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Oxford SO & SO Publisher Aims to Give Southern Writers a Voice

Richard Burns is the current publisher of The Oxford SO & SO (Southern Owned & Southern Operated), a southern nostalgia journal that covers the Mississippi, Alabama and Tennessee areas. Photo by Talbert Toole. 

Anna Grace Usery
Editor-in-Chief
anna.grace.usery@hottytoddy.com

Like some who sing in the shower or hum their favorite songs constantly, Yalobusha County native Richard Burns is always drafting a southern story in his head.

“Little Dummy”, one of his main characters, is a dog who tells stories of life in the old South about his master—Mayor Big Dummy—going away to the Vietnam War. The setting is a fictional one, but it embodies a town similar to Water Valley named Green Valley, he said.
As the current publisher of The Oxford SO & SO (Southern Owned & Southern Operated), a southern nostalgia journal that covers the Mississippi, Alabama and Tennessee areas, Burns said his main goal for the journal is to offer a space for writers to be heard. So far, he’s extended that space to 296 writers.
“We believe there is a vast amount of southern nostalgia that is being passed over by those magazines which publish southern writers,” he said. “We intend to alleviate that problem, if at all possible.”
What began in May 2005 as a satirical, southern humor journal has grown into a well-respected publication for a variety of southern writers and poets. Burns said he scoured the Internet for people he thought might want to read The Oxford SO & SO and used the White Pages to send them old-fashioned letters. He quickly built more than a 1,000-person subscriber (and writer) base in a short amount of time.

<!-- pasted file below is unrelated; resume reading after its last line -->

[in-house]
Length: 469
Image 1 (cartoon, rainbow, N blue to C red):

First time writer and 96-year-old Oxonian Maralyn Bullion said she’s only had one story published in The Oxford SO & SO, but she’s been a reader and subscriber for many years.
“Many of the stories are about people, events or places that are familiar to me,” she said. “I grew up in Lafayette and Yalobusha counties and have seen a lot of history come and go. I am most grateful to Mr. Burns for keeping this little publication alive and well.”
Bullion said she sends extra copies to her son-in-law in Vermont and grandson in Kuwait.

The Oxford SO & SO is a journal that gives southern writers a voice. Photo by Anna Grace Usery.

“I’ve never said this little journal taught people how to write, but it sure has encouraged people to write,” Burns said.
His journalistic endeavors began in 1964 when he created one of the largest baseball card magazines—Sports Trader—based in Coffeeville, Mississippi, which he later sold to a company in California. He said as a boy he read everything he could get his hands on but didn’t have much encouragement to write. He aims to change that outlook for others through The Oxford SO & SO.
Burns said a creative writing course he took 25 years ago reinvigorated his interest in writing. He credits his professor, Donna Tasker, with inspiring him and being his biggest supporter.
Submissions to The Oxford SO & SO journal are accepted year-round, with the deadline for the July-Sept. issue being August 1. Subscription rates are $20 for four, bimonthly issues of at least 48 advertising-free pages.
To submit a story, email Richard Burns at oxfordsoandso@yahoo.com.


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